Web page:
In the shortest of shorts, you play as a viking raider. In your homeland, clans wage conflict among one another, until an offering is made to unite the disparate factions under a single king. This does not sit well with your clan -- Raven Clan, and upon rejection of the idea, Raven Clan is cast out of Norway and heads towards the greener pastures of merry old England. Beyond that basic setup, I won’t spoil any more for you, suffice to say you will have a heavy hand in shaping the future of the nation, how the ‘Danes’ are perceived from a bigot level and just what kind of person you really want to be.

So then, choice and consequence rain heavily on Valhalla. Dialogue options and hard decisions aren’t fast, but they are thick when presented before you. It’s an interesting spin on the franchise, because Valhalla is as if Origins and Odyssey had a baby. A little from column O, and a little from the other column O -- but this isn’t a bad thing. I found the combat in Origins way better than in Odyssey, but Odyssey had more depth and a steeper learning curve that rewarded patience and sublime finger usage. But it also scaled its world against you, something Origins didn’t. I mean, Goats on the first island in Odyssey mountain climbing from Level 1 to Level 6 just because you did the same, in the same space? Please…

"You’ll play with children and meet an ancient version of Keith Flint who asks you to “smack my Bishop, smack my Bishop” as you wail on an anti-music man of God...”

Still, the amalgam of ideas works and a new blueprint for the future of the series is presented in storytelling form. You’ll find love, you’ll trip balls, you’ll raid, slaughter, and nurture. You’ll play with children and meet an ancient version of Keith Flint who asks you to “smack my Bishop, smack my Bishop” as you wail on an anti-music man of God. You’ll rescue wolves and foxes in kind and they’ll join your Settlement -- the central piece to the game. Valhalla is a metaphor for a better life; vikingr prepare themselves for “the day”, but you’re preparing your kin and culture to form a kind of symbiosis to a new world, lost in and of itself. The chasm between the unassured, seemingly weak and feeble Anglo-Saxons to the stout nature of the vikingr makes way for sagas even the devs might not have foreseen.

This is truly next-gen, next-level shit.

What works from a foundational perspective is the Night Boat initiative -- remember, there’s always a canal. This means the game’s much-needed and perhaps only hamstrung gameplay loop in Raids, allows you to travel along inland rivers and estuaries to reach Holy Ground and sack them. It’s an interesting mechanic. On foot you can gain certain resources, but there’s a two-ingredient recipe for growing your Settlement, and one third of that recipe is only found in Raids. But Raids are ranked. Remember I mentioned the game tracks power, not level progression? This is how it works. You need to power Eivor up, as well as his crew. You can recruit crew members for 100 silver, and these are often from friends or randoms who’ve been playing the game properly. It adds an element of investment in your crew, and I’ve found myself making sure my 2IC is decked out in all the latest medyevalgear, just so she slays and looks good while doing it.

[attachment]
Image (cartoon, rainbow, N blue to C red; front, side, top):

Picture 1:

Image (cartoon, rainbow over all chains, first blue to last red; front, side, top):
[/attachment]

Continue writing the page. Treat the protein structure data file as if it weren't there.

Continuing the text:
And that’s a thrown axe of a segue right there. Of choice and player-agency, Valhalla is by far the most liberal of Assassin’s Creed games. Sure, you still fight the Order of the Ancients, and they’re still shit people, but there’s more to Valhalla than that. The “tripping balls” stuff I mentioned earlier… I can’t say any more than I’d pay $200 to just *be* there, *doing* that. And also, while we’re on the topic of silver coins, dollarydoos or space flat-earther conspiracurrency, this is actual next-gen. Like, yeah “no killer app” is a go-to line even we’ve used, but we reneg. Valhalla is it. And Microsoft was smart to hoist its longship sail to this next-gen invasion. Outside of that other game everyone else on the publisher-developer side of the fence breathed a massive sigh of relief at, when it decided to to go fashionably late, Valhalla remains to breathe gust into your sail and take you on a journey for the ages.

Gameplay Sagas


More akin to Odyssey, Valhalla’s edge lies in its brutal approach to conflict. You can take the stealth path and wait in that un-mowed grass, but what’s the viking fun in that?! The game caters heavily in the melee stakes, while ranged and stealth are still options, I found myself, with my dual-wielded axes, axing peeps left and right. On top of the ever-growing skill astrology tree, you also earn abilities with “Books of Knowledge”. And nothing, NOTHING, beats a Viking spear tackle followed by an age-old left, right, left, right, left, right, headbut.